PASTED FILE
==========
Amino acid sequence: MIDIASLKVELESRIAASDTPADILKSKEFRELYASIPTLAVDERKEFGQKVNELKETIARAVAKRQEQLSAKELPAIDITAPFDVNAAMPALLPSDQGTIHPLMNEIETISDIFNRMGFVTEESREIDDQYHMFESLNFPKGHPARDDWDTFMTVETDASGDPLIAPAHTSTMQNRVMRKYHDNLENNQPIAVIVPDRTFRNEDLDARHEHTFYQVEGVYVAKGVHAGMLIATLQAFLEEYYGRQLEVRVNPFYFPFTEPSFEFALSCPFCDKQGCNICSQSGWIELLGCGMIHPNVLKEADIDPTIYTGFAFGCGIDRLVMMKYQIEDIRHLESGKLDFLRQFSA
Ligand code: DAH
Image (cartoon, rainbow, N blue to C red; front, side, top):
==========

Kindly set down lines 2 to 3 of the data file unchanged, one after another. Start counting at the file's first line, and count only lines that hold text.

Ligand code: DAH
Image (cartoon, rainbow, N blue to C red; front, side, top):